The second talk at the recent Premier evening at Port Solent was from Jonathan Turner from MAST Consultancy, an ex-Navy helicopter  pilot. He explained to us the procedures for the recovery of a casualty from a small vessel. This was good to know – here’s a summary of how a “High-line” recovery works from the start, so you know what to do before the crewman arrives on deck to help you.

  1. The local AW189 helicopters at Lee-on-Solent are LOUD. This means you won’t be able to talk when it is overhead, so get yourself organised before it comes in to hover.
  2. Take down sails and fasten anything than could get blown about. Get decks and cockpit as clear as possible.
  3. Wear rubber gloves and rubber-soled boots if possible, to minimise risk of electrical shock (see below).
  4. Helicopters like to hover at 40 feet for safety, but masts etc. often stick up more that 50 feet so there is a procedure called a High-line where the time spent at a greater height over the casualty is minimised.
  5. You will be instructed by the pilot (not the crew) over VHF, so follow instructions closely.
  6. It is easier for a helicopter to fly along slowly than hover so small vessels are usually given a course to steer and the helicopter will follow on the port quarter (the pilot looks out of the right front windows). On very small boats it is difficult to follow an exact course so you may be asked to remain stationary.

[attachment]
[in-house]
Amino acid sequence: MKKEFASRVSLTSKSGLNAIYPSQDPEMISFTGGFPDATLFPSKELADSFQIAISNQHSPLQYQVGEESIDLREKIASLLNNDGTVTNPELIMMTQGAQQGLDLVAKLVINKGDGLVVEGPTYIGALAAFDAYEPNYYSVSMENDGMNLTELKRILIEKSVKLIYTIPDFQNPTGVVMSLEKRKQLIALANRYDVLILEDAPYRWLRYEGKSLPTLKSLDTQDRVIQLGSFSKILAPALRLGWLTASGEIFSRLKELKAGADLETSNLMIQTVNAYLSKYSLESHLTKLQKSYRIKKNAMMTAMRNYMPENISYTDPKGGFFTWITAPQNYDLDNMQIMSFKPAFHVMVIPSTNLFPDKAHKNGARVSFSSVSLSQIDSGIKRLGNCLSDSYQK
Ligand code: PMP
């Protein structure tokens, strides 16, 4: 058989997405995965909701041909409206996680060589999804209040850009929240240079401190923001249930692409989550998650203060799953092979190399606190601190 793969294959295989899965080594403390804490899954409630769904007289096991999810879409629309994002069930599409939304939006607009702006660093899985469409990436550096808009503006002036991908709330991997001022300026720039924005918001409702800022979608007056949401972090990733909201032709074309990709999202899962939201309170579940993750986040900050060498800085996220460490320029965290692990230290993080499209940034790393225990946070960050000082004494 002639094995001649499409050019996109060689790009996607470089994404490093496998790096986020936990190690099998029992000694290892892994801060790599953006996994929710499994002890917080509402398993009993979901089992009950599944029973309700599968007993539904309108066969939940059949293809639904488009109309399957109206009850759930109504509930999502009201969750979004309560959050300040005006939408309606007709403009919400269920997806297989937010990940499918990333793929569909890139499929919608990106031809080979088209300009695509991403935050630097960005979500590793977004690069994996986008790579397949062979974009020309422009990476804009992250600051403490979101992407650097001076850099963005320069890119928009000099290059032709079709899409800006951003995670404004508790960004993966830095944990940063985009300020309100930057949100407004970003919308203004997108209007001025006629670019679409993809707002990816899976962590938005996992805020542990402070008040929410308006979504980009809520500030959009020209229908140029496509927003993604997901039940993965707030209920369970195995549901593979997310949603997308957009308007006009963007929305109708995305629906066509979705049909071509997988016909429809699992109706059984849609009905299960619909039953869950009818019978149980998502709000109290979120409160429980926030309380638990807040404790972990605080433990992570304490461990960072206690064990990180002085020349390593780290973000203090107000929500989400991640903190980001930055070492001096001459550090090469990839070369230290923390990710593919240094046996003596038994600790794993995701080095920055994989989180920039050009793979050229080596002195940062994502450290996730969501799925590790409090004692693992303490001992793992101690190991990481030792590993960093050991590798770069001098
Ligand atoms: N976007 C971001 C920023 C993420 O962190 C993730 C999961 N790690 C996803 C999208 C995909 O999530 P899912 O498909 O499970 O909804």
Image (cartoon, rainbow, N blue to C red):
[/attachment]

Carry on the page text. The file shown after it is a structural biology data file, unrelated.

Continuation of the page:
7. The helicopter will hover over you and drop a bag on a rope. DON’T touch this until it has first touched the sea or vessel, because it will be very highly charged with static electricity and you can get a severe shock before it is earthed.
  8. The helicopter will then move to the side and you can pull the rope towards you, coiling the end into a bucket to avoid tangles.
  9. NEVER attach rope or cable to the vessel.
  10. Pull the rope as the winchman lets the cable down, usually they will drop a crew member down first. Use the rope to guide the cable and person/harness/load towards you. At this point the helicopter will move over the vessel.
  11. As soon as the cable and load has touched down the helicopter will move off to the side again. Pay the rope out which will still be attached to the cable.
  12. The helicopter crewman on your vessel will then take over, assess the situation and arrange for the casualty to be evacuated.


Jonathan Turner of MAST Consultancy at the Premier Marina talk October 2018